Have you ever clicked on a news article only to realize that it’s an advert in disguise? If so, you’re not alone. Native advertising is on the rise, and it’s getting harder and harder to tell the difference between reliable facts and subtle advertisements.
As I was researching my previous article on the importance of clarifying your company’s online message, I came across an interesting bit of misinformation that cropped up time and time again. Apparently, the human brain is capable of processing information from images 60,000 faster than text. This statistic appeared in multiple articles that ranked highly in Google searches, and even showed up on a popular psychology website.
The frequency with which it was repeated gave the impression that it was widely accepted as fact.
Unfortunately for anyone hoping to use this information for marketing purposes, there’s no real evidence to back it up. An interesting blog post by digital learning expert Darren Kuropatwa suggests that it was originally quoted sans source by a writer called Lynell Burmark, yet despite his intensive digging he was unable to trace it back to any solid research.
While well-researched articles by dedicated fact sleuths are wonderful weapons in the fight against misinformation, there are sixty thousand Burmarks for every Kuropatwa.
Telling fact from falsehood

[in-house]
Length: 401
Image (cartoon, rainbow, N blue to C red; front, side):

This reminded me of one of my favorite literary metaphors, which has been attributed to everyone from Mark Twain to Winston Churchill. I first came across it in Terry Pratchett’s delightfully-observed take on the world of publishing; The Truth;
“A lie can run round the world before the truth has got its boots on.”
This idea is just as relevant today as it was in previous centuries; people have been falling for viral misinformation for as long as we can remember, from Herschel’s lunar man-bats to the Loch Ness Monster.
Just last month, a completely fictitious tweet sent thousands of Japanese Pokemon Go fans on a fruitless goose chase to add Mewtwo to their Pokedexes. To their great disappointment they discovered that, just like the archetypal Macavity, Mewtwo wasn’t there.
At least Blastoise made an appearance.
How often are we misled by adverts disguised as news?
Authoritative sounding statistics on fancy looking websites can be highly misleading, as anyone with an ounce of common sense will tell you, yet lies still run too fast for the truth to catch them up. A combination of poor fact checking, unethical online publishing and reader gullibility fuels the absorption and repetition of a wide array of complete and utter lies. The increasing subtlety of native advertisements and their ability to sneak badly researched or manipulated data into our brains is the subject of much academic research and debate. The findings of recent studies into this area are not reassuring; according to Edward Wasserman, dean of the UC Berkeley Graduate School of Journalism;
‘Native advertising,’ in short, is all about deception. You, as the reader, are encouraged to perceive the messages as something other than what they are. And even if, at some level, you understand they weren’t put together by the magazine’s staff, you’re still expected to see them as partaking of the magazine’s trustworthiness, and as deserving something of the same regard.
South Park weighs in with their own satirical take on bogus news stories in Season 19’s ‘Sponsored Content’
As anyone who has researched an article or unwittingly shared a Facebook hoax will tell you, trustworthy information is hard to find. This makes it all the more necessary to check your facts and ensure that your own truths are clear.